Fabricius’ interpretation of Mark von Schlegell’s “Busan en Rose,” which centers on a missing Irish writer in Busan, is a great example of how the Danish curator bridges literature, art and the city. “Gwangan Bridge jct.-break up between U & I” by Bae Ji-min is an ink-and-wash painting portraying the iconic bridge, while Stan Douglas”http://www.koreatimes.co.kr/”Monodramas” series reminds of a detective on his job, while also having a connection to Schlegell’s story.
Kim Hye-soon, the only poet involved, wrote five poems ― “Ocean View,”http://www.koreatimes.co.kr/”Tundra Swan,”http://www.koreatimes.co.kr/”Jagalchi Sky,”http://www.koreatimes.co.kr/”Haeundae Texas” and “Queen Kong” ― for the biennale, including a few direct references to locations and places in Busan.
Karl Holmqvist showcased his interest in linguistics by hand-writing Kim’s poems and the biennale’s theme in Korean. Lee Seul-gi interpreted formativeness of Korean proverbs such as “Drunk like a whale” in the form of Korean traditional quilt.
|Bianca Bondi’s “The Antechamber,” an installation room full of salt except for a bed with a pond in it, a dresser and a mirror, is inspired by Kim Hye-soon’s poem “Tundra Swan” written for the Busan Biennale 2020. Courtesy of Busan Biennale|
Bianca Bondi is one of the few artists who braved traveling to Korea despite going through self-quarantine to set up her large-scale installation “The Antechamber,” a room full of salt except for a bed with a pond in it and a dresser and a mirror.
“We are living in a system that leads us to death and we are all survivors in resistance like the phoenix rising from our ashes. Nothing is lost, everything is transformed,” the artist said.
Making art amid pandemic
The unlikely situation of the COVID-19 pandemic changed the game for the Busan Biennale.
The Busan Biennale is one of the three largest biennial art events in Korea along with the Gwangju Biennale and Seoul Mediacity Biennale ― and the only one that decided to move ahead this year instead of postponing the event until next year.
However, the COVID-19 pandemic has caused major difficulties in international travel and it was impossible for many overseas artists to visit Busan to explore the area and create artwork specifically for the biennale due to travel restrictions.
|Lasse Krog Moller collaborated with the Exhibition Team to create “Meanwhile in Busan ― a journey at the desk,” an artistic exploration of Busan made without actually visiting the city. Courtesy of Busan Biennale|
Some of the art pieces were created in unprecedented ways for both the artists and curators.
Danish artist Lasse Krog Moller believes the street is an anthropological library. He usually visits the target city, explores the city and exhibits what he has found in the streets.
“Meanwhile in Busan ― a journey at the desk” is Moller’s way of exploring the city without actually visiting it in collaboration with the Exhibition Team.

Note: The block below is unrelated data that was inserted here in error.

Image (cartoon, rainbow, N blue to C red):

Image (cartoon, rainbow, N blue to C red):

“The artist learned some Korean and looked Busan up on a map and compared it with Copenhagen, where he lives. He also found some postcards featuring the tourist attractions of Busan as an attempt to understand the city,” Lee of the Exhibition Team explained.
Moller’s work is inspired by Mark von Schlegell’s “Busan en Rose,” which features two detectives from Busan Jungbu Police Station looking for a missing Irish science fiction writer. Moller sent the exhibition team on a mission based on places in “Busan en Rose.”
“He asked us to go visit the Jagalchi Market and find out the difference between an octopus and a squid or ask a villager to draw a map to Bosu-dong Book Street. We took pictures of the streets and sent them to Moller, who checked the address with Google Map’s satellite view. We picked up objects from the street and they are now on display here as art,” Lee said.
“Moller explored Busan from his desk without physically visiting the city. Six members of the Exhibition Team became the eyes and ears of the artist and they scrutinized the city on his behalf.”
Moller drew an octopus and a squid based on the seafood merchant’s description. He also drew the Busan Jungbu Police Station and the hotel the Irish writer stayed at according to the Exhibition Team’s description.
“Moller’s work is closely related to the theme of the biennale, visualizing text,” Lee said.
|The Busan part of Kim Gordon’s film “July 24, 2020” was shot by the Exhibition Team of Busan Biennale due to the COVID-19 pandemic. Courtesy of Busan Biennale|
Los Angeles-based artist Kim Gordon also joined hands with the Exhibition Team to create the video installation “July 24, 2020.”
Taking inspiration from Yi Sang-woo’s “As Boats and Buses Go By,” which features the stories of noodle shop worker Thien and passenger ship crewmember Hara, Gordon asked the Exhibition Team to film videos in places that appear in the novel.
Then the artist edited the footage from Busan with other video clips she found on the internet and filmed with her mobile phone, taking some images from the story to anchor it in a vague symbolic narrative with overlapping points.
“The idea of giving someone an assignment and engaging them in the project appealed to me,” the artist said.
The biennale was scheduled to open on Sept. 5, but it wasn’t able to accept visitors until the end of September due to the heightened distancing measures as the number of COVID-19 cases spiked in late summer.
The organizers tried to reach audiences through an online exhibition when it was not able to open offline exhibition spaces. The biennale offers its writings in audio book format, narrated by 20 citizens of Busan in English and Korean. Artistic director Fabricius guided the biennale in the “Detective Jacob” video series.
Busan Biennale 2020 runs until Nov. 8.